8. Safely shut down the Raspberry Pi and then move the SD card back to the host OS:

    $ sudo poweroff
  9. Mount the SD card's filesystem on the host and copy the bip38-pi-airgap/ subdirectory to the /home/pi/ on the card's filesystem:

    $ cp -r /path/to/this/repo/bip38-pi-airgap /path/to/sdcard/mount/home/pi/
  10. Unmount and eject the SD card after the copy has fully finished:

    $ sudo sync
    $ sudo umount /path/to/sdcard/mount/
    $ sudo eject /dev/mmcblk0
  11. Boot the Raspberry Pi and ensure that the copied directory has the correct user permissions for the pi user:

    $ sudo chown -R pi /home/pi/bip38-pi-airgap
  12. Run to validate the integrity of the copied files and perform the installation of the dependencies:

    $ cd bip38-pi-airgap
    $ ./

Wallet Setup Instructions


$ ./ <bip38-encrypted-key> <passphrase>

will decrypt the key with the passphrase and write a wallet file to /run/user/1000/wallet. This wallet file can be used as a parameter for the electrum cli utility unpacked to /home/pi/bip38-pi-airgap/Electrum-3.0.5/. Giving commands the parameter -w /run/user/1000/wallet will point Electrum at this wallet to use as the source of private keys.

Since this wallet file is held in tmpfs, it is not written to the SD card and will be lost if and when the Raspberry Pi is powered off.

Example Use

Decrypt a key:

$ ./ 6PnPsnoRPCgbihtCbtGZGn2X2Xy1sKSp5CMCxWU4wridU1x331yeafep6n "This is an inadvisable passphrase."
[WalletStorage] wallet path /run/user/1000/wallet
[profiler] load_transactions 0.0000
[profiler] build_reverse_history 0.0000
[profiler] check_history 0.0000
decrypted key in 9.98634834 seconds
[WalletStorage] saved /run/user/1000/wallet
[profiler] write 0.0004
Finished creating wallet at /run/user/1000/wallet

Addresses in wallet:

This wallet can be used with the Electrum cli's '-w' parameter:

        $ ./electrum -w /run/user/1000/wallet

Sign a message with Electrum:

$ Electrum-3.0.5/electrum -w /run/user/1000/wallet signmessage 1P97WpopdbbpNiEfEqfGF8oQX8KTfQVJc1 "This is the message for testing purposes."

Verify the message signature with Electrum:

$ Electrum-3.0.5/electrum verifymessage 1P97WpopdbbpNiEfEqfGF8oQX8KTfQVJc1 IJSbiLQNWjWZS6f8WIjY+8YfkaeEspwg/bWdzcIBMVCYBMqK+plw5B8pik6RFMVggp5O1yAm9lZrkPzic+EDp2U= "This is the message for testing purposes."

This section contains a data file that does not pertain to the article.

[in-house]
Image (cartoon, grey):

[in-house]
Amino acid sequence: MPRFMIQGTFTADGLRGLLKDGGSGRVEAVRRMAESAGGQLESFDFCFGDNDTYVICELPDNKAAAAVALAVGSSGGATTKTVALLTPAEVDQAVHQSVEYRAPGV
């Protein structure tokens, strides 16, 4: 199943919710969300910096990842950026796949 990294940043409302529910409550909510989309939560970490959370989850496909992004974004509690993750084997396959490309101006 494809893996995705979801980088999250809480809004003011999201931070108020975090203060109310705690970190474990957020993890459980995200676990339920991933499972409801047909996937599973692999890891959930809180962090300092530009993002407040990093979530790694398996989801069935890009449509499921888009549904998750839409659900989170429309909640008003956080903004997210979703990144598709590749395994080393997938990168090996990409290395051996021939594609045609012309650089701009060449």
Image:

Additional Airgapped Pi Tips

  1. HDMI is a complex protocol and represents an attack surface. Using the Raspberry Pi's RCA analog video out is considered more secure. Transcribing encoded data may be difficult with the default font on an analog display. A different font from /usr/shar/consolefonts/ can be set with the setfont command e.g.:

    $ setfont /usr/share/consolefonts/Lat15-Terminus20x10.psf.gz
  2. Avoid USB hubs and direct-connect your USB keyboard to the Pi. A hub could potentially hide keyloggers or other malicious devices.

  3. Obtain an inexpensive USB keyboard that can be taken apart and inspected to help ensure there is no malicious tampering. Depending on your security profile, there are available designs for USB keyboards build out of simple parts and running open source software.

  4. There are known attacks for logging hidden data on SD cards. Depending on your security profile, consider destroying the SD card after the system has been in contact with private keys.

  5. There is a significant amount of closed-source hardware design in the Raspberry Pi. Depending on your security profile, consider destroying the board after it has been in contact with private keys.

  6. The Raspberry Pi's current draw from the power supply could theoretically leak partial information about a BIP38 passphrase or private key if monitored during the decryption process. A basic countermeasure is to use a simple 5 volt supply that can be inspected for malicious tampering. An advanced countermeasure is to add an additional quantity of electrical capacitance across the 5 volt input to help mask variations in current draw.

Note On Collecting/Validating the Software Dependencies

For use in repeating this process in the future to validate the software dependencies yourself:

To fetch the Debian package dependencies for libssl-dev and python-pip, on an internet-connected Raspberry Pi:

$ mkdir debs
$ sudo aptitude clean
$ sudo aptitude install --download-only libssl-dev python3-pip
$ cp /var/cache/apt/archives/*.deb debs

To fetch the pip dependencies for pybip38, on a internet-connected Raspberry Pi:

$ mkdir pips
$ pip3 download -d pips pybip38

You may then compare the downloaded files against the checksums with those in this repository.

$ sha256sum debs/*.deb pips/*.whl
$ md5sum debs/*.deb pips/*.whl


A script-assisted process for setting up an airgapped Raspberry Pi for decrypting BIP38 and using Electrum.